The end of summer is a great time to wrap up outdoor projects.
Over the last few months I’ve gotten more than a few inquiries about improving station ground systems. John Huntley, engineering manager for the Cumulus stations in Rockford, Ill., took advantage of the warm weather to update his; he snapped pictures and shares them here.
Ground rods — or, more properly, “grounding terminals” — provide an electrical earthing (connection to earth) terminal for towers, building electrical feeds and studio ground references. There is a minimum standard for a building electrical grounding point, which can be found in the National Electric Code. Supplemental electrodes are allowed and nearly always helpful.
Often, effectiveness is stated simply by the resistance of the connection to ground; the closer the resistance to zero ohms, the better.
Grounding rods are the most common terminal and come in various sizes and types. Common lengths include 8- and 10-foot; common diameters are 1/2-, 5/8- and 3/4-inch.
Rods are available in brass (costly), stainless steel (also expensive), copper-clad steel and tinned steel. You can find the latter two at many hardware stores. Copper-clad steel is most common, seen in Fig. 1; the steel is for strength, the copper for corrosion prevention.
A number of companies make these rods. Two are Erico and Harger. Many broadcast equipment vendors sell Harger products. John buys his rods — usually copper-clad 5/8-inch by 8 feet — from Grainger or local hardware stores.
Grab your driver
Longer rods screw together or use compression fittings. Where John works in the Midwest, he was able to get down an impressive 24 feet, in order to hit the water table.
Driving the rods by hand will give you quite a workout. If your site is new construction and a backhoe is available, set the rod and let the backhoe cowboy gently drive it with the power equipment. Otherwise, use a fence post driver, as seen in Fig. 2. These are readily available at local and big-box hardware stores. They are heavy enough to drive the rod quickly. The fence post driver has an open end; the opposite end is capped. It is slipped over the ground rod and the two handles are grasped with a downward motion. The weight of the driver, combined with the force exerted, drives the rod into the ground.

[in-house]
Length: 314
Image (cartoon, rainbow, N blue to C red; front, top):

(L – R) Fig. 1: This copper-clad steel rod is used for grounding; Fig. 2: Insert the rods with a fence post driver, like this one; Fig. 3: With a hand sledge, drive the last foot or two into the earth; Fig.4: A drive cap prevents the end of the ground rod from mushrooming.
When the post driver is against the ground, John changes over to a hand sledge (Fig. 3). Be cautious here because of the risk of “mushrooming.” Although he has never damaged the end of a rod using a post driver, he has mushroomed many using a hand sledge. Buy a drive cap that slips over the end of the rod to prevent damage (Fig. 4). Buy several and use them. When you’re done setting the rod, your drive cap will be mushroomed but the end of the rod will not.
You can also find driver bits that will fit larger rotary hammer tools. Use ’em if you got ’em.
If you’ve forgotten drive caps, make sure that you have a good rough file to abrade the mushrooming of the end of the rod. If you are using a ring clamp to connect a wire to the ground rod, you will need to file the rod end close to the original diameter. The same is true if you are cad welding to the end of the rod, which we will describe shortly.
John sets the rods 8 to 10 feet from the base of the tower. Three rods in a triangle is a start. We are talking about providing a path for lightning current into the ground. A rule of thumb is that they should be no closer than twice their length. One reason for the triangular pattern is to keep the tower base pier or slab from being the only path to ground for a lightning strike.